Tech

Finally, Scientists Have Figured Out How to Send Messages From Submarines to Planes


If you’re watching a movie where an underwater submarine is communicating with an aeroplane, some creative licence is being taken – the sonar waves used by subs can’t reach the air, and radio waves used by planes don’t travel at all well underwater.

 

That’s always caused problems for communications between underwater and airborne vehicles, as well as for the recovery of wrecked subs, ships, and aeroplanes. Submarines often have to surface to send messages, which risks also giving away their location.

However, a team of scientists at Massachusetts Institute of Technology (MIT) has now developed a system enabling subs and planes to communicate with each other, though for the time being the rate of data transfer is very slow, and only in one direction.

“Trying to cross the air-water boundary with wireless signals has been an obstacle,” says senior esearcher Fadel Adib. “Our idea is to transform the obstacle itself into a medium through which to communicate.”

The system – officially called translational acoustic-RF communication (TARF) – uses a sonar signal from a standard acoustic speaker to create tiny ripples on the surface of the water, ripples which wouldn’t normally be noticed.

These ripples are about 100,000 times smaller than the smallest ocean ripples.

But with the right equipment – specifically a new extremely-high-frequency radar developed by the researchers – the ripples created by the audio signals can be picked up, because of the way they interfere with rebounding radio wave signals. They become the 1s and 0s of digital communication.

 

“The radar reflection is going to vary a little bit whenever you have any form of displacement like on the surface of the water,” says Adib. “By picking up these tiny angle changes, we can pick up these variations that correspond to the sonar signal.”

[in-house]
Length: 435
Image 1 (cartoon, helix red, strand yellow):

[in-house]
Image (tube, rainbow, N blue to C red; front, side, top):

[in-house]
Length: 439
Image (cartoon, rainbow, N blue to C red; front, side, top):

The ripples caused by the underwater sonar may be very, very small, but they’re vibrating at a much higher frequency (travelling much faster) than normal waves. This means the new radar can spot them, using a carefully crafted algorithm.

Over the course of 500 test runs in a water tank and two swimming pools, TARF proved able to transmit a number of messages from the water to the air, including one that read: “Hello from underwater.”

At the moment the new system can’t transmit data very quickly – several hundreds of bits per second, so worse than an old dial-up modem, but about on a par with other underwater communication methods.

Plus, TARF only works in water where the surface waves are less than 16 centimetres (6.3 inches) high. However, it’s a significant breakthrough in water-to-air communications, and the researchers are already working to refine and improve their methods.

Potentially, the new technique could one day enable underwater monitoring vessels to transmit data to drones overheard, without heading back to the surface, as well as recover lost flight recorders and keep subs and planes in contact, as we’ve already mentioned.

“It can deal with calm days and deal with certain water disturbances,” says Adib. “But [to make it practical] we need this to work on all days and all weathers.”

The research has not yet been published but is being presented at the SIGCOMM conference in Budapest.

 



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